by Mai Khuyen
Just a few days ago, the nation saw and enjoyed the tension and excitement of millions of young people chasing their dreams of a college education. It was difficult not to get caught up in that atmosphere.
We know that next comes the part where most students cram and work hard to pass out with high marks. This is followed by the elation of throwing graduation caps in the air after collecting their certificates. Excitement is in the air, and optimism is high.
Sadly, for many students, what comes next is not heart-warming stuff.
While the country is enjoying a higher-education boom with a rapid increase in the number of universities and colleges, both State-run and private, a recent report from the Ministry of Labour, Invalids and Social Affairs said that last year alone, about 172,000 graduates were unemployed, double the number in 2010.
To this sobering fact, the Ministry of Education and Training has added a figure based on reports from more than 100 universities, colleges and vocational schools: at least 40 per cent of their graduates could not find a job in the first three months after finishing their studies.
There are predictions that this year's figures could end up much higher.
There is no doubt, then, that Viet Nam faces a serious challenge in reforming university education so that it is a more opportune endeavour for all graduates.
For many years now, experts and officials, at home and abroad, have bemoaned the fact that education in Viet Nam focuses more on theory and less on providing students with knowledge and skills relevant to marketplace needs.
So far, the specifics of how this can be done have not been mentioned, at least so far as I have heard and read.
Everyone is concerned about unemployment, but measures to increase the quality of education, as opposed to opportunities for education via a significant increase in the number of higher education institutions, have been noticeably absent.
In just three years, between 2010 and 2012, the number of new universities and colleges increased by 43, taking the nation-wide total to 419. With so many choices, it has become easier for a young person to get a college education, even if she/he does not do well in the university entrance examinations. Of course, the parents have to be able to afford it.
What happens next?
A student who completed a four-year degree from the University of Civil Engineering sent applications to more than 10 construction companies, both foreign and Vietnamese. He got just two replies, offering unacceptably low salaries.
Instead of taking up a job, he became an amateur investor in the stock market. After more than two years of doing this, he decided to drop completely his dream of becoming a civil engineer, helping build buildings.
The paucity of jobs for civil engineers can be blamed on the frozen real estate market, but graduate accountants and administrators are also in the same boat, struggling to find jobs in a highly competitive market.
Since joining the WTO, Viet Nam has become a candidate-driven market and remains so, despite the sluggish growth of the last few years. It has been estimated that Viet Nam needs to create one million jobs a year to maintain a low unemployment rate.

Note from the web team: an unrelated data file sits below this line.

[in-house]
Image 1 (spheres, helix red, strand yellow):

In this context, getting a low-income job following graduation is common and can turn out to be rewarding, but it is difficult for recent grads not to feel disheartened.
So many conferences and public meetings have been held to find out ways to make our education more relevant and useful for our youth, but prescriptions suggested are almost always too general and academic in nature.
I think that we should keep the big picture in mind, but start with very small steps that give students valuable insights into what it takes to succeed in the outside world.
A colleague I talked to spoke about the differences he has seen in the education system here and abroad, especially in developed countries like the US.
He said he does not hear of people successful in real life, in business and in other fields, coming to talk to students at Vietnamese universities on a regular basis. Interacting with such people often can inspire students to be more creative and take more risks, he said.
We have read enough reports of enterprise leaders complaining that graduates have to be trained from scratch, that they prefer people with experience. I think students who show confidence and a proper attitude will have a much better chance of landing good jobs, so our institutions of higher learning should work harder to instill these attributes.
One way to do this would be to increase internship opportunities for students in all fields. This means increased collaboration between the educational institutions and enterprises, something that experts and officials have been saying, but not doing, for a long time. Other countries have been doing this very effectively, and it is time for Viet Nam to follow suit.
The Government can help with policy incentives that will encourage both sides to offer students the opportunity to experience a real working environment and its demands even before they actually enter the job market. This can equip the youth with both hard and soft skills they need to succeed in the marketplace and in life. — VNS